Short screening instruments have been suggested to improve the detection of psychological symptoms. We examined the accuracy of the Danish version of the 'Distress Thermometer'.
Between October 2008 and October 2009, 426 women with newly diagnosed primary breast cancer who were operated at the Breast Surgery Clinic of the Rigshospitalet, Copenhagen, were eligible for this study. Of these, 357 participated (84%) and 333 completed a questionnaire. The distress thermometer was evaluated against the 'hospital anxiety and depression scale' (HADS). We also examined the women's wish for referral for psychological support.
A cut-off score of 6 vs 7 (low: =6, high: =7) on the distress thermometer was optimal for confirming distress, with a sensitivity of 42%, a specificity of 93%, a positive predictive value (PPV) of 78% and a negative predictive value (NPV) of 73%. A cut-off score of 2 vs 3 was optimal for screening, with a sensitivity of 99%, a specificity of 36%, a PPV of 47% and a NPV of 99%. Of those who were distressed using the cut-off score of 2 vs 3 on the distress thermometer, 17% (n = 41) wished to be referred for psychological support and 57% (n = 140) potentially wanted a later referral.
The distress thermometer performed satisfactorily relative to the HADS in detecting distress in our study. A screening procedure in which application of the distress thermometer is a first step could be useful for identifying persons in need of support.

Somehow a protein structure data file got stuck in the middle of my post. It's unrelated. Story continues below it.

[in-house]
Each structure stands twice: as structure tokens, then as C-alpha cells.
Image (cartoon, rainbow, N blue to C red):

The objective of this study was to describe adolescents' with cancer experience in an adventure therapy program from a health related quality of life (HRQL) perspective. A qualitative descriptive research method was used. Eleven adolescents and five health professionals participated in a guided group adventure therapy expedition in a remote area of Canada. The expedition was videotaped and data were collected using an unstructured interview format with both adolescents and health professionals. Emerging themes were identified using a qualitative descriptive exploratory analysis. Four major themes and related sub-themes were generated. The major themes were: developing connections, togetherness, rebuilding self-esteem, and creating memories. Adventure therapy was viewed by the adolescents and health care professionals as a positive experience with multiple benefits. This preliminary research will contribute to an understanding of adolescents' experiences with cancer and provide a basis for future studies evaluating the impact of adventure therapy on HRQL.